Review 'Noordhollands Dagblad'
Translated by Marina Kahlmann
Twins in scary conspiracy
For ever youth films have been made in The Netherlands but their current popularity is mostly caused by the increase of production quality and more playful and original formulas. If one film can be called a trend setter it is 'Long Live the Queen', director Esmee Lammers' debut from 1997.
With that in mind, Lammers second film, 'Tom and Thomas', gives rise to mixed feelings. Lammers has become stronger as a director, but has lost originality as scenario writer. 'Tom and Thomas' is about two nine year old boys who live in London. Tom lives in an orphanage, Thomas lives with his father, an painter who still very much mourns the loss of his deceased wife. Thomas shows loss of concentration in school. This particularly happens when an unknown other boy (Tom) gets into sticky situations. Tom has accidentally seen the caretaker of the orphanage engage in kidnap together with a dangerous man. The villains realise Tom has seen them and try to catch him. When Tom and Thomas accidentally meet and see they look exactly alike, friendship is soon established. Tom secretly lives in Thomas's house, which causes many misunderstandings. But the villains are still busy. They get their hands on Tom, drug him, and are on the verge of smuggling him out of the country when the film comes to a finale at the airport. The epilogue shows that the two boys are genuine twins, separated at birth.
In a technical view we are dealing with a piece of work, which easily adheres to international standards. Tom and Thomas is well made and looks rich. The double role for young actor Aaron Johnson makes excellent use of special effects. It is disappointing that Esmee Lammers' story has so little character of its own. Wandering orphans in the snow at Cristmas, that already was a gigantic kitsch-cliche when two years ago the film 'Kruimeltje' appeared. It has to stop sometime but Lammers uses it again. The situation is worse with the main theme. Tom and Thomas is mostly made with British actors (dubbed for the Dutch version) and therefore seems aimed at the English language market. This already had absorbed two versions of 'The Parent Trap', one very recently. Right before that was 'It Takes Two'.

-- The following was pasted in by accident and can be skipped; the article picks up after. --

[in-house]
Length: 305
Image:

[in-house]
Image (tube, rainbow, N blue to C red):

What makes Tom and Thomas stand out from other movies is a far less playful, even grim tone. The villains the boys have to deal with are scarier than one would expect in a children's movie. And their conspiracy is also unusually sinister. In the centre of London they are using large syringes, drugging children which are then transported to Nairobi to be 'adopted'. What is one to imagine when nine year old boys are concerned? Even the finale is grim when a Boeing leaves with Tom in the cargo hold, knocked out in a dog kennel next to a kicking horse. Thomas hides in the landing gear and is losing consciousness due to the icy cold. Since September 11 children could get all sort of associations in all those panic situations in the airport, amidst shooting and ambulances coming and going. Police teams running around with masks on and stenguns ready, just like the finale of 'Down' by Dick Maas. And as the name has fallen anyway, Maas, the life partner of Lammers, is credited as second unit director, but you get the feeling you run into him all through the movie. "Long Live the Queen' was far more charming.
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